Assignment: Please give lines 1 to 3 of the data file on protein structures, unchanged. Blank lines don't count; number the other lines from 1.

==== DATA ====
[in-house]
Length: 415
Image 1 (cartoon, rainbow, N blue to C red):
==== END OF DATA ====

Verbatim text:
[in-house]
Length: 415
Image 1 (cartoon, rainbow, N blue to C red):